David Molden's presentation:

Poonpipope Kasemsap's presentation:

Ann Tutwiler's presentation:

Tropentag Work Package 4 (WP4): Implementation

Tropentag is a scientific conference - surely. Yet each serious research project has a work package dealing with implementation (because funders know it´s good for publicity) - so has Tropentag.

Solidarity in a competing world - a theme directly put into practice at the conference dinner on Tuesday night.

Solidarity in a competing world?

In a role game, participants could emotionally experience competition for limited resources. Solidarity developed - at least amongst the most marginalized at the very end of queues sharing the last bits of food. Meanwhile, waiters were emptying half empty plates into the darkness of Vienna´s sewage system.

But - let´s not forget: this conference is not only about solidarity. It´s also about fair use of resources. But what´s fair, anyway? Yet again: food proved to be the most hands-on- area of implementation. The following images of the Tropentag lunch will not need any further comment.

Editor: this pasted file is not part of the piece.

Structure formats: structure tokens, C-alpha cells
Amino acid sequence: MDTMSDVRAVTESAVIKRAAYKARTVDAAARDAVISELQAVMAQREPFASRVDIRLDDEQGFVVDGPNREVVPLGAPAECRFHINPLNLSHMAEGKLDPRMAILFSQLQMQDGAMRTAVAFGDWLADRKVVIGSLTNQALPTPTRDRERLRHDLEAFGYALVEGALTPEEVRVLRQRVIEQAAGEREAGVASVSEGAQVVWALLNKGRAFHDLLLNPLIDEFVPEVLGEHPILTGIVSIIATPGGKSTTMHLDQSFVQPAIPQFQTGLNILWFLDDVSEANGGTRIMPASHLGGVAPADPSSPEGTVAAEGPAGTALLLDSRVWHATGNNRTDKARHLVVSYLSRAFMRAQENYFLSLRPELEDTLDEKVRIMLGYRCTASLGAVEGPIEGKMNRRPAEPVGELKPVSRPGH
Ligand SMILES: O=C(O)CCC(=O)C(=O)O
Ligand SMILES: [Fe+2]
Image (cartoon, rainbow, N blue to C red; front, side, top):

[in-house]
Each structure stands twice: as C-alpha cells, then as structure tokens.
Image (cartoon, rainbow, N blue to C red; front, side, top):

From the eyes of a small-scale milk trader: how to improve the milk value chain?

Imagine you are a small-scale milk trader in Kenya. You have some cows and you additionally collect milk from farmers to transport and sell it to milk stations. But many people and milk shops do not like to buy from you. They think you are selling unsafe, low-quality milk and they prefer to buy from formal, larger-scale sources. Government regulations are complicated and difficult to understand and researchers are analyzing and seeing you as a part of a "value chain" and this does not really help your situation.

You are facing quite lots of difficulties, and if the quality of the milk is bad, you cannot sell it anymore. You bear the risks, you lose money if the milk gets bad. Controlling the product by smell, taste, texture and density without technical support needs much expertise.

Traveling to the producers, controlling and keeping the quality to resell to milk stations is certainly a hard job. So, how to improve the situation?

Milk trader in Kenya The presented research takes a closer look at those limitations and possibilities for improving the situation of small-scale milk trading from the perspective of a local milk trader. What are the results?

BMBF promote Research for development-innovative partnership